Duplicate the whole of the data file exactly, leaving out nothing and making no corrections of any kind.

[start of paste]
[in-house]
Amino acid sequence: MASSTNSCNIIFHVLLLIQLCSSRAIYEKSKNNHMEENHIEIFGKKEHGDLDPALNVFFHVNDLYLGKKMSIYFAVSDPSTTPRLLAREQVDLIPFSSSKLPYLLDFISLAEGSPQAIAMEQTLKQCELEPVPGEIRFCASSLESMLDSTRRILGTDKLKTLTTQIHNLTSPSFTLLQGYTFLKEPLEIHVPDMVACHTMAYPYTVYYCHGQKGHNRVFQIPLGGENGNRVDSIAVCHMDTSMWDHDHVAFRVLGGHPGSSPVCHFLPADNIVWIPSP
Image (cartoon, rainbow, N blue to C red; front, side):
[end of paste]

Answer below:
[in-house]
Amino acid sequence: MASSTNSCNIIFHVLLLIQLCSSRAIYEKSKNNHMEENHIEIFGKKEHGDLDPALNVFFHVNDLYLGKKMSIYFAVSDPSTTPRLLAREQVDLIPFSSSKLPYLLDFISLAEGSPQAIAMEQTLKQCELEPVPGEIRFCASSLESMLDSTRRILGTDKLKTLTTQIHNLTSPSFTLLQGYTFLKEPLEIHVPDMVACHTMAYPYTVYYCHGQKGHNRVFQIPLGGENGNRVDSIAVCHMDTSMWDHDHVAFRVLGGHPGSSPVCHFLPADNIVWIPSP
Image (cartoon, rainbow, N blue to C red; front, side):